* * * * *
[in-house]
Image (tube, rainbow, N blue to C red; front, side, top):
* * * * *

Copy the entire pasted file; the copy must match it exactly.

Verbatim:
[in-house]
Image (tube, rainbow, N blue to C red; front, side, top):